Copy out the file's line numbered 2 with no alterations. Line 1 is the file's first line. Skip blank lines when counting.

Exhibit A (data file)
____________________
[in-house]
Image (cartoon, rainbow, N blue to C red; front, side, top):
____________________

Image (cartoon, rainbow, N blue to C red; front, side, top):